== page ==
Anyway, I’m still in touch with him. [I’m also] always in touch with Ms. Karduck [my academic advisor]. She’s pretty much held my hand through this whole thing.”
How is your mom doing now?
“My mom is doing okay, as good as she probably can be. We’re pretty much at the end of the list on options for treatment. Nothing’s really working, but she’s clearly a fighter because she’s still here.”
How do you keep moving forward?
“I don’t know, honestly. I think about that sometimes, too. … Sometimes you just have to let stuff happen the way it’s meant to happen. Everybody says, ‘Everything is going to happen the way it should,’ or ‘What’s meant to be will be,’ and blah, blah, blah. But you really just have to, I don’t know, I guess you just have to keep digging.
“I just keep pushing. I say it all the time, and I’ve said it to just about everybody: I felt like (and sometimes I still do) that I was on a ship that was sinking, and I saw the shore and the shore was graduation and getting back home. And I can see it. I’m just hoping that I make it there. If you even just have that little bit of hope that you’re gonna make it there, you’re probably gonna make it there.”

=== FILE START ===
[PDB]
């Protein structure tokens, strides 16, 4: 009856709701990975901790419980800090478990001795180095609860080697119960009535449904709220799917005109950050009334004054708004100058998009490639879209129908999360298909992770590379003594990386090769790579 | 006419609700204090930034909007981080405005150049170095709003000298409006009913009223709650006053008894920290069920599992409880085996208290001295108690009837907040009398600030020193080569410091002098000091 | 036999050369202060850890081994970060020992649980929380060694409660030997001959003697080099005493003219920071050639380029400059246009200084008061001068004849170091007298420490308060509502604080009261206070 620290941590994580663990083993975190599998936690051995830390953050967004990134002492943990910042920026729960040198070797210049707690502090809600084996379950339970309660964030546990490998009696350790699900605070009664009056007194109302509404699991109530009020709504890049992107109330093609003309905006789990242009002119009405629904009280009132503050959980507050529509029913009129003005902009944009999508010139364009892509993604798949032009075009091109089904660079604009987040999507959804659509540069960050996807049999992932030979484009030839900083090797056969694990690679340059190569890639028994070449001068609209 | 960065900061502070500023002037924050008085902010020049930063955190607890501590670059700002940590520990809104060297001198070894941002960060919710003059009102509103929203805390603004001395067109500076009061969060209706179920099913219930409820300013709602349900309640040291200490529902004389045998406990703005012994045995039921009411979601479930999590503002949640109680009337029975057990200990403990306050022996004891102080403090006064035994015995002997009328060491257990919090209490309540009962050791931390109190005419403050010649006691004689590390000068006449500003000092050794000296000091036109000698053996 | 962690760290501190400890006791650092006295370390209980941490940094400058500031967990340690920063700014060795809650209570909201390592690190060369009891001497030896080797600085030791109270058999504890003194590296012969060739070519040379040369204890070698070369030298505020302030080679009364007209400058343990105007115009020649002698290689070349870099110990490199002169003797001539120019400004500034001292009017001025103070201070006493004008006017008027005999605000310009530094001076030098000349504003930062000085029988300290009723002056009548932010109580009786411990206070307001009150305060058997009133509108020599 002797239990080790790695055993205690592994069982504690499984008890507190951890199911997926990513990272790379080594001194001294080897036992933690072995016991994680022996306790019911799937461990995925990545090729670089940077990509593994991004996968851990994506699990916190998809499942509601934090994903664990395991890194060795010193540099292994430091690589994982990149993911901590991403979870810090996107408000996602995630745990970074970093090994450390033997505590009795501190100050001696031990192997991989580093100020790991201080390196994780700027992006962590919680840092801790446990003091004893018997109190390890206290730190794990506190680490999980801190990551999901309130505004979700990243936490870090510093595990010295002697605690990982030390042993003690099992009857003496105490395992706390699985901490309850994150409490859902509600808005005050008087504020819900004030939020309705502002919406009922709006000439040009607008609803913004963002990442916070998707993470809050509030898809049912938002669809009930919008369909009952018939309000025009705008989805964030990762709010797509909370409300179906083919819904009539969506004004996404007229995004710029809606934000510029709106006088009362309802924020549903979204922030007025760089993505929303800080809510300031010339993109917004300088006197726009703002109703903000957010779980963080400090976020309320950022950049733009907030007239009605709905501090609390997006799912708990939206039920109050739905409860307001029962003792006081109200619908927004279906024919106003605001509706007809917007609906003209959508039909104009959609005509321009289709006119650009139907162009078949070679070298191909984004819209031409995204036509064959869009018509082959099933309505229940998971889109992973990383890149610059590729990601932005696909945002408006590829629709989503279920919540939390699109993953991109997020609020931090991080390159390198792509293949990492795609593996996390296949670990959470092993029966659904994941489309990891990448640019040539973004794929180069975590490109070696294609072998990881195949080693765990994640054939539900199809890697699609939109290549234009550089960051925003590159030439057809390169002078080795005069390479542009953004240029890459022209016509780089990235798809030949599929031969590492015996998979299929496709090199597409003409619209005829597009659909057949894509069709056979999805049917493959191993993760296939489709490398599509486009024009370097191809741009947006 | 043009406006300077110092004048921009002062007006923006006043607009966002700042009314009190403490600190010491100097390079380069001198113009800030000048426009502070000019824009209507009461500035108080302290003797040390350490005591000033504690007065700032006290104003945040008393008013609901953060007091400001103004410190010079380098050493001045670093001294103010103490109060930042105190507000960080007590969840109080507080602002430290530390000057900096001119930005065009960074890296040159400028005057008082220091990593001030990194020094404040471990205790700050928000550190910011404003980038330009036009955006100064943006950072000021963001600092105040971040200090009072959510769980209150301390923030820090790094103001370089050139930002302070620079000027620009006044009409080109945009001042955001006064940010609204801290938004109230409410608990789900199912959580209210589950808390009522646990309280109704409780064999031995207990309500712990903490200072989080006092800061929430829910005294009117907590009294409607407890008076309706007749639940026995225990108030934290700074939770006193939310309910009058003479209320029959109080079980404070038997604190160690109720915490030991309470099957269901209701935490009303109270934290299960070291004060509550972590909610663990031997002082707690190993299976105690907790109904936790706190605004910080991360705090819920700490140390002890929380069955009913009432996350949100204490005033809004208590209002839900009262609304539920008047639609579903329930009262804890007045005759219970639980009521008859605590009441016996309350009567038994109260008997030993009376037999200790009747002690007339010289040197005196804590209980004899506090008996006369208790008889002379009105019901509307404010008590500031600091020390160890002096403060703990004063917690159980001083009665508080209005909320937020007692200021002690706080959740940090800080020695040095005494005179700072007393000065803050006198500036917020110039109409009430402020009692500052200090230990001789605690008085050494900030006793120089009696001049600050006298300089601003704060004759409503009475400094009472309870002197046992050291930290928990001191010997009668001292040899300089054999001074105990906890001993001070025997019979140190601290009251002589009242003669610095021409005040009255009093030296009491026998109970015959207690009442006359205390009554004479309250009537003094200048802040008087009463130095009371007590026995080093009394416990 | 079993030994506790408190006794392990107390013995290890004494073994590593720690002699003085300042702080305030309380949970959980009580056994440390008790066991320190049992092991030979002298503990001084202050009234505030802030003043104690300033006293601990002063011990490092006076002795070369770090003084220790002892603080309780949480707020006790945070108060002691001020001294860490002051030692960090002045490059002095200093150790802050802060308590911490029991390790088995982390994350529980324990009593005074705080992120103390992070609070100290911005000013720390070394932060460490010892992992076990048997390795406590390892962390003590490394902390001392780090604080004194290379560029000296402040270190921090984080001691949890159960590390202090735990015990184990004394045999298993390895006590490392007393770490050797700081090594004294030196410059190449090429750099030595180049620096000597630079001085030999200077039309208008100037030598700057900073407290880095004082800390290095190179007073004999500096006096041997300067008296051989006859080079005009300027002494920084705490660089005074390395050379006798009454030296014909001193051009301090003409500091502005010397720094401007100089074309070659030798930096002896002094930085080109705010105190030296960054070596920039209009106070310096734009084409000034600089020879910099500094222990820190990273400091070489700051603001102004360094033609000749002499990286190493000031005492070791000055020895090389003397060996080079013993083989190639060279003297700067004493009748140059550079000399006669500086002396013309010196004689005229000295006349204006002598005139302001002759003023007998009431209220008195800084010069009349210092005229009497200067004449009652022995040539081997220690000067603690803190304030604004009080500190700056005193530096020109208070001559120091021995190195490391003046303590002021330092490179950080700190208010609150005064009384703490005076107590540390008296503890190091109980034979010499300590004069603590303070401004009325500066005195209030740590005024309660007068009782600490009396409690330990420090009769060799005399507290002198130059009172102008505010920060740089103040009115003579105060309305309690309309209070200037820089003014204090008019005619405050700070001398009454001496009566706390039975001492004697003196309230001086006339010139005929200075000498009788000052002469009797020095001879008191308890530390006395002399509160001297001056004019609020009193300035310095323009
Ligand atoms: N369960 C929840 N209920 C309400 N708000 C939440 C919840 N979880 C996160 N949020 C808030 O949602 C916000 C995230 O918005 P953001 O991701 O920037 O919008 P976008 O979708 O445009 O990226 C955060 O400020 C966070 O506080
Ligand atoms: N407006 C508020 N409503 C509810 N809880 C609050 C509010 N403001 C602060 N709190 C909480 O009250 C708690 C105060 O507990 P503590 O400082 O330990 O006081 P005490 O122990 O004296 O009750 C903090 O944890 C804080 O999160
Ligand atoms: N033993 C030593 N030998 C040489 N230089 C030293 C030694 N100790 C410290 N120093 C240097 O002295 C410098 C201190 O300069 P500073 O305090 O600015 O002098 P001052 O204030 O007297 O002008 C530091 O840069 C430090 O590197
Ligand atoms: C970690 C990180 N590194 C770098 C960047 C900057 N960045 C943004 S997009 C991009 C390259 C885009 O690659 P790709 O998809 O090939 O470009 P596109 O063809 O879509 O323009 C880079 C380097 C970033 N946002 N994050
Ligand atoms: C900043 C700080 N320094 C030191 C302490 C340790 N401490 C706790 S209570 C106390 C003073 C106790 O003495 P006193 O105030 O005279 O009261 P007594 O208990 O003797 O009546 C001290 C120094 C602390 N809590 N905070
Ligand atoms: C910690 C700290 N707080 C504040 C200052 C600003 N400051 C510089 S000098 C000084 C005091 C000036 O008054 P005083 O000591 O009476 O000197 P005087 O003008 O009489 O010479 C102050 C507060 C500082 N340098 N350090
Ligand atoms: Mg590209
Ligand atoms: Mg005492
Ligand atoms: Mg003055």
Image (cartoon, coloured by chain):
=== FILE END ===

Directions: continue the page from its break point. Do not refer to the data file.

What are your plans after graduation?
“I want to work in oncology. I was set on sports nutrition. I interned with the football team dietitians here because I love strength training and working out and all that fun stuff, and pairing it with nutrition is just the golden key. But I realize they’ve got what they need—they’ve got fitness professionals and plenty of nutritionists who are into that.
“So I definitely want to be with oncology. I think it’s from my mom’s experience. Trying to talk to a patient in a clinical setting after they’ve gone through chemo treatments, after they’ve been to the hospital three times that week, they don’t want to sit and talk to you about their diet.